• I'm working at the census office in Sherman--have been since January--and find the prospect of leaving both exciting and sad. Exciting, in that I'm leaving Denison (after two long years), and sad, in that I've liked both the job and my coworkers more than I expected (and perhaps more than I've let on when discussing said job with friends).
  • I went swimming at the lake yesterday. It was nice. Why can't I tan??
  • I find myself immersed in fiction, even if not necessarily the fiction I'd like to be immersed in. What I want to be reading I'm finding resistant to true immersion.
  • I am moving. And I have a (probably literal) ton of books. I would like to buy new, exciting bookshelves, but this is likely out of the budget and thus out of the question. I will also need furniture more generally. Craigslist seems promising for this sort of thing.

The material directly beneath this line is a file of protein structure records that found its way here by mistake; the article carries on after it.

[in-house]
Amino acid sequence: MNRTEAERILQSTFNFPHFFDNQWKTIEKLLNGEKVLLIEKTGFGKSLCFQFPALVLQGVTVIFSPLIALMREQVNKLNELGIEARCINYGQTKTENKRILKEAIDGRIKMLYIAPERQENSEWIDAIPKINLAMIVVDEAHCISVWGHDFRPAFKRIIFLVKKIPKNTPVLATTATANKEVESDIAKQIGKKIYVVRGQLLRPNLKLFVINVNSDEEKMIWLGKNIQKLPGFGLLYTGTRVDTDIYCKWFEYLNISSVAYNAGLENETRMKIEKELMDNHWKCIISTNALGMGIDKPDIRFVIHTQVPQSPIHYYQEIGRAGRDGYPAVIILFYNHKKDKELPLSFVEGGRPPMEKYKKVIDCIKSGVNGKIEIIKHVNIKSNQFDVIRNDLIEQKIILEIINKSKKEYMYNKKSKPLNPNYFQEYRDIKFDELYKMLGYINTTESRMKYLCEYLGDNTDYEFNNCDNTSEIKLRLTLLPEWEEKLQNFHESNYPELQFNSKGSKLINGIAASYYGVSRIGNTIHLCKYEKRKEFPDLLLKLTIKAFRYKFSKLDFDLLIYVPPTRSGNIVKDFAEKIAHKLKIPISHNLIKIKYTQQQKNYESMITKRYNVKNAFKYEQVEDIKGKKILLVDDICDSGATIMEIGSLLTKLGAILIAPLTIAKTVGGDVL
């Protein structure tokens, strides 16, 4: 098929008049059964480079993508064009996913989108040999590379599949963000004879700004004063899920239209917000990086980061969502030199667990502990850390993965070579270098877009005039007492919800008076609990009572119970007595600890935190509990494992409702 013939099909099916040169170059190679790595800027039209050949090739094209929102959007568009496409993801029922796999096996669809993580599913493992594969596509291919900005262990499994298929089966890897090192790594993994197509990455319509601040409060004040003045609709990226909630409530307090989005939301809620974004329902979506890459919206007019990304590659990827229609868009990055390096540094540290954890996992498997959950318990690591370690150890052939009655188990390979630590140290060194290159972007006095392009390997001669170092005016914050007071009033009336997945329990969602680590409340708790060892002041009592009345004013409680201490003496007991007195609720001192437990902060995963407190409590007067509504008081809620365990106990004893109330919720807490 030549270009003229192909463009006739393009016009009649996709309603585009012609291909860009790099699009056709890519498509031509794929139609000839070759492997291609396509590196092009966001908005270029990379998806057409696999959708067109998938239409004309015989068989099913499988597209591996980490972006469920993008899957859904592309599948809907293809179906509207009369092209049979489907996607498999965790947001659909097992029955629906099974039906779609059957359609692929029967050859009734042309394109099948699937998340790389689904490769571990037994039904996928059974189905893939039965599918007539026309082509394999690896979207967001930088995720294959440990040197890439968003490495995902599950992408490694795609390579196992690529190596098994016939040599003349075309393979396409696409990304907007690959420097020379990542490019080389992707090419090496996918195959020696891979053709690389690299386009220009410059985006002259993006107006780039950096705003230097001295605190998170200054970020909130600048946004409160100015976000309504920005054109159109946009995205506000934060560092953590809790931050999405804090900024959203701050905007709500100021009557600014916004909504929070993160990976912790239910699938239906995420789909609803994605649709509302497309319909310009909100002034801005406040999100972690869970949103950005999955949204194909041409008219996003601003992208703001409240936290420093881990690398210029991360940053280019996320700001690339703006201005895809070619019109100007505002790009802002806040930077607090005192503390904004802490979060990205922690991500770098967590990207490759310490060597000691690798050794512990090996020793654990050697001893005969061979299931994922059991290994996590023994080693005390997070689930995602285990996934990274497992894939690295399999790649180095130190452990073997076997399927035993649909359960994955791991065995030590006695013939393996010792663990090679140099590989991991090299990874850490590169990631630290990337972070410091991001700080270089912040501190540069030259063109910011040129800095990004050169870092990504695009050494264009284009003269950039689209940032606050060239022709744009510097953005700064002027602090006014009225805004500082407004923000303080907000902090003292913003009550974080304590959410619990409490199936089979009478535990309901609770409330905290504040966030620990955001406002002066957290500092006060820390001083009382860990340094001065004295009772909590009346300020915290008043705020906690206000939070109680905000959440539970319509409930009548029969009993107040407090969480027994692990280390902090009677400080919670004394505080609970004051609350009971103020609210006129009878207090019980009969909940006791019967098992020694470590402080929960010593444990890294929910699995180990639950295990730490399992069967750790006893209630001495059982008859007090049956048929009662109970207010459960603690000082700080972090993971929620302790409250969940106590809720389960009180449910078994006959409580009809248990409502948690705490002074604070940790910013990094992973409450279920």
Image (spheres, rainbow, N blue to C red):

• I'm sure I'll have an election night party in November. You should come.
  • I cannot find Ricky Raccoon. Anywhere. Ever since I saw Toy Story 3, I've felt like an irresponsible toy owner. He must think I've abandoned him. I suppose I have.
  • I don't feel nearly so bad for my Scarlett O'Hara Barbie dolls. I don't know where they are. I am a bit sad to say that I don't particularly care. Bitches. Poor Rhett Butler.
  • Lost is over and I cannot help but feel that this is a good development for me. I have a sneaking suspicion that, despite how caught up I got in the excitement, that show wasn't as good as I thought it was.